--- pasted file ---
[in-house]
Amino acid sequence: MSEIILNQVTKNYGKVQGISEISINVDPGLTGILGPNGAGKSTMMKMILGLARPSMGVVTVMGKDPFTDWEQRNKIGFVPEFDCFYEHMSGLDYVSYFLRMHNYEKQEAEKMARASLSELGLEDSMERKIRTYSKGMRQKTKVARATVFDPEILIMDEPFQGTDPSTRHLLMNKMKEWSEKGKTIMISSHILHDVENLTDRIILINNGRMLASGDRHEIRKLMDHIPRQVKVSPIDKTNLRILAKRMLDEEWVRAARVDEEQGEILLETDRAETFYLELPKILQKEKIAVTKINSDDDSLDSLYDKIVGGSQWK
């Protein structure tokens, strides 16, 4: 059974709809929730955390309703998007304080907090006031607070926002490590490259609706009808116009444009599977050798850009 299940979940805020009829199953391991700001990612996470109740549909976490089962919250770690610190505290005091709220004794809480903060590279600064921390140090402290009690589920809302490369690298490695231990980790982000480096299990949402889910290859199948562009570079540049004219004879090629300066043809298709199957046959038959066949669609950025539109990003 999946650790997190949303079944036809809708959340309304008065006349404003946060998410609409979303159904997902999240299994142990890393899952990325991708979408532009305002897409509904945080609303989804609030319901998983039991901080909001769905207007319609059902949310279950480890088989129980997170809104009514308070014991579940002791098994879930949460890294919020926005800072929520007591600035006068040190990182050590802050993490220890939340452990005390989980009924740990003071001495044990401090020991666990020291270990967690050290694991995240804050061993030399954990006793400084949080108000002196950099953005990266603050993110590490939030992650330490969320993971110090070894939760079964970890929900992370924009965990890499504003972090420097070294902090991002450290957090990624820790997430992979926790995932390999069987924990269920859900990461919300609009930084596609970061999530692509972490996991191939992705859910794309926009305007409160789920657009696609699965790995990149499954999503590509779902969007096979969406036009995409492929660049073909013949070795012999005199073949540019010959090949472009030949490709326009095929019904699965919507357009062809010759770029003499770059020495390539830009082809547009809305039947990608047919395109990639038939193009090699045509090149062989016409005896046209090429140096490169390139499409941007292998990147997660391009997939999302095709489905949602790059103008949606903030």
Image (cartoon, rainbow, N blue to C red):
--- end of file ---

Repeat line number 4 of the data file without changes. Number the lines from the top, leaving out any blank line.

Image (cartoon, rainbow, N blue to C red):